San Diego COE takes a leading role in meeting the needs of homeless youth
A new website houses resources and guidance to support homeless students
two volunteers organize clothes and food for distribution
County offices of education play a vital role in supporting the education and well-being of the estimated 187,298 homeless students across California.

San Diego COE — one of the state’s three lead Homeless Education Technical Assistance Centers (HE TACs) — has made significant strides in meeting the needs of homeless youth and families in their community while providing helpful resources for other COEs.

“The more everybody knows about homeless education and what’s supposed to be done, the more kids are getting served the way they should be and supported and helped,” said Susanne Terry, the COE’s coordinator for homeless education. “There hasn’t always been a lot of funding to really support efforts to make sure everybody has the information that they need and has the capacity and the time to take advantage of that information.”

The HE TACs have been funded since 2021–22 with federal American Rescue Plan (ARP) Homeless Children and Youth dollars, which will sunset this September. The ARP provided $98.8 million for school homeless services in California to be spent on goods and services for students, including gift cards to buy school supplies, cell phones, internet devices and, critically, temporary housing.

Children and youth who lack a fixed, regular and adequate nighttime residence are considered homeless under the federal McKinney-Vento Act. This includes those sharing housing due to economic hardship or other challenges (commonly called doubling-up), living in motels/hotels, campgrounds, emergency/transitional shelters or in vehicles, abandoned buildings, substandard housing or public/private spaces not designed for regular sleeping accommodation.

These students have the right to enroll in school and participate in all school activities, even when records officially needed for enrollment are missing, and the right to keep attending and get free transportation to their original school if they are displaced or have to move due to homelessness.

However, services can’t be provided if schools do not know a student is homeless.

“There’s been a lot of work done around identification by HE TACs as a whole,” Terry said.

San Diego COE developed a website ( to house the resources created, including a tip sheet and webinar on identification, tools for schools to support identification efforts, and guidance around the housing questionnaire created with help from the California Department of Education, which is a big part of identification, Terry noted.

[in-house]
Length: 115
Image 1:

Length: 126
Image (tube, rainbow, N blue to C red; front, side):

Other topics on the site include state and federal statutes and guidance, materials on dozens of topics like awareness, chronic absence, engagement, rural and special education and more. Training opportunities and events and a portal to ask questions are also available. There’s also a “’get help’ feature on the website, so you can actually send a message to us through the website if you have a question,” Terry said.

There has also been a more concerted effort to develop materials in support of rural homeless youth and LGBTQ youth, who are overrepresented in the homeless youth population.

Last school year, more than 16,600 public school children in San Diego County were counted as experiencing homelessness — likely an undercount, according to advocates who say some families experiencing homelessness don’t consider themselves homeless or do not report their situation to their child’s school.

Programs and resources
San Diego COE has implemented several novel programs in recent years.

For instance, through Project Rest, the first program of its kind in San Diego County, schools are able to pay for temporary housing for students and their families experiencing short- or long-term homelessness. More than 1,500 families in the county have been provided motel stays since its inception in 2022, Terry told The San Diego Union-Tribune. The program provides minimum 10-day stays, which can be extended up to 30 days, at Motel 6 locations across the county. The program regularly receives between three and 10 referrals a day, she said.

Providing motel stays for families is vital in part because shelter demand often exceeds capacity, and shelters are generally located too far for many families. Additionally, some shelters enforce restrictions that make it difficult for families, such as prohibitions on men or pets.

Meanwhile, the Monarch School — a public-private K-12 school between San Diego COE and the nonprofit Monarch School Project — serves about 300 students, all of them experiencing homelessness or at risk of becoming homeless.

The school, which is reportedly the only publicly funded separate school for homeless students, emphasizes on-site family programs and resources. Services include on-campus showers, food pantries, access to licensed clinicians and social programs, and free housing and health assistance through its parent resource center. Most students are referred to Monarch School through social workers, according to officials.

While some have questioned the notion of segregating homeless students in this way, school leaders have said that gathering students experiencing homelessness creates a sense of community and reduces the stigma they may face from peers while allowing the school to better tailor social-emotional learning and resources.

Learn more about what San Diego COE and other local educational agencies are doing to support the state’s growing homeless student population in the upcoming spring issue of California Schools.